The hero of the game is Emmett Graves, a man who was running a rift mine on the Frontier alongside Logan, his brother. All was well until the mine was attacked by an Outcast war party. Emmett’s rig exploded and both Emmett and his brother became partially exposed to rift energy. Colonies of humans called Rifters have been exploring the “Frontier” of planets, but now they find their way of life threatened at every turn by the Outcast, a psychotic species of humans who have mutated due to over-exposure to rift Energy. Caught in the middle is Emmett Graves, ostracized by the humans because of his partial exposure to Rift Energy, leaving him partially mutated. He becomes a hired gun to protect the Rifters, while his infected brother becomes the leader of the Outcast. Will Emmett be able to retain his humanity… This game gives you a real sense that he is fighting for his family, the rifters and for his very survival.
The game is visually stunning, fluid, fast paced and a mash up of the sci-fi and western genres. The game features flying vehicles called Hawks that transform into Mechs, tanks, 4×4 razorback, 32-players, huge maps, weapons, customization, jetpack, 2-player split screen, skill mods, “Build & Battle”, power ups, Jetbikes, multiplayer, co-op, HD, a limited edition package and yes a Black protagonist. “The rift energy looks really good on darker skin, and we really liked the tale—the brothers’ tale, I thought, felt better with having the character be a black guy. It was just really more about design stuff. It wasn’t about, “Yay, let’s be the first to make a black protagonist.” It was just, you know, the design evolved and he ended up being a black guy. And it was like cool, let’s roll with it.” Dylan Jobe Lightbox Interactive President
Experts will say gamers generally ignore the character they are playing, but there are already questions surrounding Graves’ race, and how the game will play with the buying public. “I’m curious how fans will react when they’re placed in the shoes of a minority. Will Graves speak to them? Will they even have the maturity to contemplate this instead of just spewing forth the typical vitriol of an Internet gaming message board?”- IGN (Starhawk: The Reveal of a Bold New Frontier)
Video games have been in American homes for 50 years and indeed times have changed, yet criticism about a black primary character is already being spewed by those unsure of their aversion to the game and those shocked at how great the game is. Unavoidably there will be those so disappointed in the skin color of Starhawk’s main character that they will fill message boards and social network postings with racial vitriol. There will also be many more smiling, albeit silently, that they can finally play a hero that l looks like them; a character, a face to connect with. This is a positive step for gaming and could lead to more primary minorities in video games, but more importantly it could open the door for more minority game developers. Starhawk begins recruiting May 8th 2012 with Emmett Graves as the hero the video game world needs, but doesn’t want.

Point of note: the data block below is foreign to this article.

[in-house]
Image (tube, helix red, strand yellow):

Other Tolerable Black Characters:
Adam/Skate – Streets of Rage Trilogy, Balrog/Dee Jay– Street Fighter Series, Mr. Sandman – The Punch-Out!! Series, Eddy Gordo – Tekken 3, Captain David Anderson – Mass Effect, Barret Wallace – Final Fantasy VII, Sergeant Major Avery J. Johnson – Halo, Augusts Cole a.k.a. Cole Train – Gears of War Trilogy, Sergeant Foley – Modern Warfare 2, Zack – Dead or Alive Series, Coach – Left 4 Dead 2, Louis – Left 4 Dead, Romeo – Halo 3: ODST. Doc Louis – Mike Tyson’s Punch-Out!! & Punch-Out!!, Fortune – Metal Gear Solid 2: Sons of Liberty, Jacob – Mass Effect 2, Jax – Mortal Kombat Series, Alyx Vance – Half-Life 2, Dean Shephard Marc Ecko’s Getting Up and Jade from Beyond Good & Evil the first and only original IP involving a black woman (although the developers say Jade is Racially Ambiguous). Not to slant Prototype 2 but the main character didn’t start off as black.